Maya's assessment of Indian theatre after 25 years of study is "Indian actors have more vibration and energy compared to European and American actors in general, but they lack technique in several aspects." Looking back at her experience as a theatre director, she says, "In most cases, I have been able to give something to the actors and the audience and got something in exchange. For me it is a matter of creative collaboration and reciprocal vibration."
As a theatre activist in Finland, Maya was the first to use multi-cultural materials and non-Finnish culture and techniques. "In small and provincial theatres, this was not always an easy job during the 1980s. Often, older and male actors had and still have difficulties understanding behaviour patterns outside their own macho-culture. I always prefer to work with young actors. While working with professional companies, I have to train the actors first as they are not exposed to physical precision at the theatre academies and often have an underdeveloped sense of rhythm. Above all, as a foreigner in Finland, I had to face the envy of less successful Finish directors. But, the situation has changed after Finland became a member of the European Union."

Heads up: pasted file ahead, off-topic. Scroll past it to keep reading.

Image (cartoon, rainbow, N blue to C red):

What about the people's attitude to theatre, as an art, as a recreation and as a serious academic topic? "In Finland, as elsewhere, theatre is mostly pastime. The audience wants entertainment. During their struggle for independence, theatre enjoyed an important place in their socio-cultural life and for the education of the mass. There are still many amateur groups and a large number of amateur summer theatres. All this blocks the way of the professional artists and artistic theatre. Physical theatre is not yet well known in Finland. In France, Italy, Germany and even Sweden, physical theatre has better exposure. Deep academic interest in theatre is almost absent in Finland."
Maya also feels that the concept of physical theatre "is at the very base of Indian traditional theatre and nowhere stronger than in India, China and Japan. Modern theatre tries to break the links with tradition and often forgets the achievements of the classical theatre throughout the centuries. Contemporary theatre in India often tries to re-invent the theatre, which is a highly developed form. But it must study the conventions and not copy the classical art forms."
What does she think about contemporary Indian theatre? "In India, it is yet to achieve a professional status. Classical theatre forms have their institutions, their gurus and are studied seriously. Modern theatre has only an amateur status any one can stand on stage and act. A professional training school would raise the status of contemporary theatre in India. When the time is ripe, I am sure contemporary theatre will have its breakthrough," says Maya.